There are essentially three factions remaining in the Syrian Civil War, all of which are hostile to the United States. There is the Alawite de-facto monarchy of Bashar Assad, who inherited the country from his father and is a lifelong Russian client. His support comes from those of the elite who have not left, from ethnic and religious minorities, and from moderate Moslems. There is the ISIS faction, whose objectives and motivations are well-understood. And there are anti-Assad, anti-ISIS rebels, almost all of whom are Islamists whose differences with ISIS are more a matter of “who, whom” than policy or religion. The original moderate “Arab Spring” resistance, never numerous on the ground (but easily accessible to Western reporters via Twitter), was quickly and ruthlessly exterminated by Assad during a period of characteristic Obama dithering, which meant that by the time the US was arming rebels, they were arming al-Qaeda affiliates who are considerably worse for Syria and the world than Assad — and he’s the guy who gases his own people.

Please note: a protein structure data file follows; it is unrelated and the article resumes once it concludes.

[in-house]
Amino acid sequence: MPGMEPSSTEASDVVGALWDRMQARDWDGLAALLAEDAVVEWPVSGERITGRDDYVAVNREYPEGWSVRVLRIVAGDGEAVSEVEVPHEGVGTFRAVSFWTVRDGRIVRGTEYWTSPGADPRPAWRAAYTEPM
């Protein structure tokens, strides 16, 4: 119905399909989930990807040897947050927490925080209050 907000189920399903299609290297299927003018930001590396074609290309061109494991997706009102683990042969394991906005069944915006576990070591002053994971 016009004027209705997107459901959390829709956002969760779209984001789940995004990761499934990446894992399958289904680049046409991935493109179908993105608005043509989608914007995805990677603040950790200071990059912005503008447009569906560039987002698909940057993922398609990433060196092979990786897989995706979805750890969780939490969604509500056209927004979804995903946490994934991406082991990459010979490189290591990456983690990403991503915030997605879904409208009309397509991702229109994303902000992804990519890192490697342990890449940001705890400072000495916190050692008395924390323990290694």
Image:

The Politics

Democrats are already lining up against the strikes and the forces that carried them out; lost to memory is the Red Line of Obama days (which Democrats may have tolerated because it was always empty bluster). The Democrats have done something uncharacteristically smart for either of our blockheaded political parties, in using Massachusetts Congressman Seth Moulton, a very very rare infantry combat veteran in Congress, as their spokesman on the issue.

The Slippery Slope vs. the Ineffectual Pinprick

Moulton did say one thing that rings true:

“War doesn’t get any easier than what he did last night, throwing a few Tomahawks at a foreign country,” Moulton said Friday on CNN’s “New Day.”